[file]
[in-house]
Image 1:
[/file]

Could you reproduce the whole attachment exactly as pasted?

[in-house]
Image 1: